Goucher’s fall classes will be entirely online due to coronavirus

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A view of the campus at Goucher College. Photo by Rob Coyle, via Flickr.

Goucher College will conduct the upcoming fall semester entirely online, the college’s president Kent Devereaux announced on Friday, citing recent increases in some of the state’s coronavirus metrics.

“The Fall Reopening Task Force explored many options before coming to this difficult, but necessary decision,” Devereaux said in a statement. “We all want to be living and learning together as a community, as is the Goucher tradition. However, we cannot ignore the scientific data that has guided us throughout this process.”

Goucher had hoped to welcome students and staff back to campus this fall, but coronavirus data trends over the past month do not meet the criteria for returning to campus set by the Fall Reopening Task Force, Devereaux said.

“From the start of this pandemic, I have made it very clear that at Goucher, the safety of our students, faculty, and staff comes first, and that we would rely upon the very best public health advice and science to guide our decisions,” he said.

The college began planning two months ago for a fall return to campus, when the state’s coronavirus data was showing promising declines in some metrics, Devereaux said.

In late May through mid-June, the number of coronavirus cases that Maryland reported per day was decreasing.

After reaching 1,286 new cases on May 28, the daily case count fell to 260 on June 18. But newly reported cases began to climb again after that. On Friday, the state reported 1,169 new cases, according to the Maryland Department of Health’s COVID-19 Case Map Dashboard.

Coronavirus-related hospitalizations also declined for more than two months after peaking at 1,711 on April 30, and reached a low of 385 on July 10. But those, too, have been on the rise, reaching 590 on Friday.

The recent increase in COVID-19 hospitalizations has mostly been fueled by a rise in the number of acute care patients, while the number of intensive care patients has been declining. Gov. Larry Hogan on Wednesday suggested the trend might be attributed to the growing number of young people testing positive for coronavirus.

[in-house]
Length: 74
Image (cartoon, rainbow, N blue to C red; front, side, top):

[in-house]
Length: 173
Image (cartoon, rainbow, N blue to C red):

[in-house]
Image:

The majority of Goucher students will study from home this fall, but the college will be offering limited residence hall availability for students who have a “critical need for on-campus housing,” Devereaux said.

Those students will be allowed to live on campus, but will still attend courses online and will be required to adhere to campus health guidelines.

Goucher will send out an application for on-campus housing and limited dining options for the fall on Aug. 3. Applications will be due by Aug. 6 at 5 p.m.

Devereaux said that faculty are working to adapt to online instruction ahead of the fall semester.

“Faculty have been thoughtfully planning for rich online learning and participating in ongoing professional development training all this summer and working with their peers to create dynamic online courses,” he said.

Faculty will teach online courses as either synchronous or asynchronous, according to the college’s website.

Synchronous learning involves students and instructors being online at the same time for lectures, discussions and presentations. Asynchronous learning, on the other hand, can include pre-recorded lectures and other lessons not happening in real time.

Goucher will send out updated bills and financial aid letters “as quickly as possible” and remove room and board charges from student accounts.

The college has also delayed its initial billing due date until Aug. 17 “to give students and families more time to make final decisions,” Devereaux said.

Goucher will hold a virtual town hall meeting for students and parents at 5 p.m. on Friday. A recording of the meeting will be available afterward on the college’s website.

Devereaux added that the college’s planning for a return to campus “has not been in vain” and he awaits a time when it is safe for everyone to connect in person once again.

“When it is safe for our community to return, we will be ready, and I look forward to greeting each of you on Van Meter Highway and reflecting on this moment in history together,” he said.

Marcus Dieterle


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